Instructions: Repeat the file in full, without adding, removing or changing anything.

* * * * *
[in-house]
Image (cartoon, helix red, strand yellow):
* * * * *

[in-house]
Image (cartoon, helix red, strand yellow):